Types and Application Techniques of Acaricides

In recent years, the damage caused by mites to orchards, vegetable gardens, and other economic crops has become increasingly widespread and rampant. Many farmers cannot distinguish between pest damage and mite damage or miss the effective prevention and control period, making it difficult to control crop mite damage. Therefore, it is necessary to popularize the basic knowledge of acaricide among farmers.

Types of Acaricides

There are two types of acaricides used in agricultural production to prevent and control mites. One is specialized acaricides, which specifically kill mites without killing insects, or pesticides that mainly kill mites; the other is broad-spectrum acaricides, which are pesticides that mainly prevent pests or fungi but also have miticidal activity. Pesticides such as cyhalothrin, sulfur suspension, lime sulfur mixture, and oil emulsion are examples of broad-spectrum acaricides.

A group of organochlorine acaricides appeared after World War II, but because their use over time caused a significant increase in resistance of pests to the pesticides. Currently, acaricides are rapidly developing, with a variety of types and increased miticidal activity. Some acaricides have also emerged that are safe for predatory mite (i.e., agricultural pest mite predators). Currently, the development of acaricides is aimed at killing mites and insects.

When preventing and controlling mites, we must understand the types of acaricides to select the appropriate acaricide. Currently, acaricides are classified into three categories:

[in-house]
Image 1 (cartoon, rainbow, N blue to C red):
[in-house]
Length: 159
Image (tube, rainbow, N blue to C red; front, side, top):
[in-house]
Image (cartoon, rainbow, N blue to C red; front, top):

Classified by Substance Type

Specialized acaricides are divided into chemical acaricide insecticide and biological acaricide insecticide. Most pesticides used in production are chemical acaricides, while there are only a few biological acaricides, such as Beauveria bassiana and Verticillium lecanii.

Classified by Chemical Structure

Specialized acaricides can be divided into six categories: organochlorine (e.g., trichloromethane and dicofol), organosulfur (e.g., sulfites, propargite, and fenpyroximate), organotin (e.g., tributyltin, triphenyltin, and butyltin), carbamate (e.g., methomyl and carbaryl), heterocyclic compounds (e.g., nicosulfuron, spiromesifen, and bromopropylate), and nitrobenzene (e.g., hexahydrohexamethylcyclopentadiene, tebufenpyrad, and tetradifon).

Classified by Residual Period Duration

Specialized acaricides can be divided into two categories: one with a longer residual period, which can basically control damage by applying the pesticide once, such as Dicofol and Tebufenpyrad; and one with a shorter residual period, typically requiring 2-3 applications to effectively control the pests.

Acaricide Application Techniques

After understanding the types of acaricides, how can we use acaricide insecticide rationally?

Firstly, choose the best prevention and control period. Spray acaricide when the pests are in the early stages of population growth and quantity, such as in apple buds and pear bud enlargement periods when using the new acaricide Greenleaf, early growth of peach bud when controlling peach mite, and early occurrence of citrus red spider when controlling citrus pests.

Secondly, rotate the use of acaricide in the presence of adult, larval, and immature mites. Acaricides with high speed, efficacy, and broad-spectrum activity, such as 20% dicofol wettable powder, 41% diesel dicofol, and 73% propargite emulsion, can be selected for rotation. Acaricides with different mechanisms of action can be rotated or mixed, and dicofol and spiromesifen have no cross-resistance and can be rotated. Carbamate can be mixed or rotated with other acaricides due to its different mode of action.

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